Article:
Grading Modal Judgement

Mind 129 (515):769-807 (2020)
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Abstract

This paper proposes a new model of graded modal judgment. It begins by problematizing the phenomenon: given plausible constraints on the logic of epistemic modality, it is impossible to model graded attitudes toward modal claims as judgments of probability targeting epistemically modal propositions. This paper considers two alternative models, on which modal operators are non-proposition-forming: (1) Moss (2015), in which graded attitudes toward modal claims are represented as judgments of probability targeting a “proxy” proposition, belief in which would underwrite belief in the modal claim. (2) A model on which graded attitudes toward modal claims are represented as judgments of credence taking as their objects (non-propositional) modal representations (rather than proxy propositions). The second model, like Moss’ model, is shown to be semantically and mathematically tractable. The second model, however, can be straightforwardly integrated into a plausible model of the role of graded attitudes toward modal claims in cognition and normative epistemology.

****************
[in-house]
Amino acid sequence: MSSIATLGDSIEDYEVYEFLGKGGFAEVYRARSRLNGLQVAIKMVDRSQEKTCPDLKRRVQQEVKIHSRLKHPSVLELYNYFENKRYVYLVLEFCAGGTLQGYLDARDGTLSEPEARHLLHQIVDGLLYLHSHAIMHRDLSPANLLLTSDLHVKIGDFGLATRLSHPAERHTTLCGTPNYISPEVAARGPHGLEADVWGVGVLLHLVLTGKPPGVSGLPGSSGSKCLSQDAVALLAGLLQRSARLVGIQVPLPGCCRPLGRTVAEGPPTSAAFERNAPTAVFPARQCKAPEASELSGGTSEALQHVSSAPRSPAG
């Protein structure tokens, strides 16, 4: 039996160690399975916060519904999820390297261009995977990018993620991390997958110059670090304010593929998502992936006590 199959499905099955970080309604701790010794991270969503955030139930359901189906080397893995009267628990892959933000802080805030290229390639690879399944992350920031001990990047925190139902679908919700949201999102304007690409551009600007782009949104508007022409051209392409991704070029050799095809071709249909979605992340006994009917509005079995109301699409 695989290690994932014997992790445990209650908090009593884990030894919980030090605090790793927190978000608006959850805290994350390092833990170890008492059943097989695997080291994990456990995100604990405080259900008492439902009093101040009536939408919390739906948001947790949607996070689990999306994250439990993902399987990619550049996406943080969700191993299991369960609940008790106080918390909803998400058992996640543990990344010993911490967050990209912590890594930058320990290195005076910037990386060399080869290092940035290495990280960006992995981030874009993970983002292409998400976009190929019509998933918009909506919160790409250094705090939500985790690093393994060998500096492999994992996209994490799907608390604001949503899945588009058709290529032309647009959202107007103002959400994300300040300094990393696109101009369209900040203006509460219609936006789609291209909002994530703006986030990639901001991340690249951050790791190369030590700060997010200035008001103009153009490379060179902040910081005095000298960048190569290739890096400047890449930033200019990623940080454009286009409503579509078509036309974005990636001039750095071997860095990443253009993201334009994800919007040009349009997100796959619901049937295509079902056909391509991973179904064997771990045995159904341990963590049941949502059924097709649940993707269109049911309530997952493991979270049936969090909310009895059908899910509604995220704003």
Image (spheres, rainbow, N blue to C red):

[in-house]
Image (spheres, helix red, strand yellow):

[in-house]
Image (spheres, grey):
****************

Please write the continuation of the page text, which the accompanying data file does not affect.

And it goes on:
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Nate Charlow
University of Toronto, St. George Campus

Citations of this work

Deontic Logic and Natural Language.Fabrizio Cariani - forthcoming - In Dov Gabbay, Ron van der Meyden, John Horty, Xavier Parent & Leandert van der Torre (eds.), The Handbook of Deontic Logic (Vol. II). College Publications.
Propositions as (Flexible) Types of Possibilities.Nate Charlow - forthcoming - In Chris Tillman & Adam Russell Murray (eds.), The Routledge Handbook of Propositions. Routledge.
The Spectre of Triviality.Nate Charlow - 2019 - Analysis 79 (4):595-605.
Does Chance Undermine Would?Alexander W. Kocurek - 2022 - Mind 131 (523):747-785.

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References found in this work

Demonstratives: An Essay on the Semantics, Logic, Metaphysics and Epistemology of Demonstratives and Other Indexicals.David Kaplan - 1989 - In Joseph Almog, John Perry & Howard Wettstein (eds.), Themes From Kaplan. Oxford University Press. pp. 481-563.
Probabilistic Knowledge.Sarah Moss - 2018 - Oxford University Press.
Risk and Rationality.Lara Buchak - 2013 - Oxford University Press.
Inquiry.Robert C. Stalnaker - 1984 - Cambridge University Press.
Generalized Quantifiers and Natural Language.John Barwise & Robin Cooper - 1981 - Linguistics and Philosophy 4 (2):159--219.

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